RICA declared inconsistent with Constitution
Some sections of the Regulation of Interception of Communications and Provision of Communication-Related Information (RICA) Act have been declared unconstitutional by the South Gauteng High Court.
This after in April 2017, news outlet amaBhungane filed an application in the High Court, challenging the constitutionality of the Act after its journalist Sam Sole’s communications were intercepted while he was reporting on the corruption investigation against former president Jacob Zuma.
amaBhungane had argued that RICA lacks necessary safeguards to protect the public’s right to privacy, saying the current regulations lack protection for journalists and their sources.
The news outlet added that if a subject has been placed under surveillance, they should be notified once the surveillance has been concluded, thereby safeguarding the principle of open justice.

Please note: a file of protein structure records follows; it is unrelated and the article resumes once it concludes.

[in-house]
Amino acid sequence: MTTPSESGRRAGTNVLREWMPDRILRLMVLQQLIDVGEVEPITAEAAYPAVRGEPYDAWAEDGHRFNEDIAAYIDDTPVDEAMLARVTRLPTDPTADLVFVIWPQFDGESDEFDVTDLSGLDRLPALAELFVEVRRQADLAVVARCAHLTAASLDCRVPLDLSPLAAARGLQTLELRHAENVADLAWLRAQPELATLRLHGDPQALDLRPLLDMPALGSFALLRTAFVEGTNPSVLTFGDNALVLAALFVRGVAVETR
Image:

Advocacy group Right2Know tweeted this morning: “RICA has been declared unlawful by Judge Roland Sutherland at the South Gauteng High Court.
“We congratulate @amaBhungane and the legal team and we are happy that this will bring an end to surveillance abuses.”
According to the judgement, bulk surveillance activities are unlawful and invalid.
Judge Sutherland declared that that: “Sections 16(5), 17(4), 19(4), 21 (4) (a), and 22(4) (b) of RICA are inconsistent with the Constitution and are accordingly invalid to the extent that they fail to address expressly the circumstances where a subject of surveillance is either a practising lawyer or a journalist.”
The declaration of invalidity is suspended for two years to allow Parliament to cure the defects, the judgement adds.
It notes that RICA, especially sections 35 and 37, are inconsistent with the Constitution and accordingly invalid to the extent that the statute, itself, fails to prescribe proper procedures to be followed by state officials in their application of the law.
RICA is a South African law that regulates the interception of communications and associated processes such as applications for and authorisation of interception of communications.
The law came into effect on 22 January 2003, when it was published in the Government Gazette of South Africa.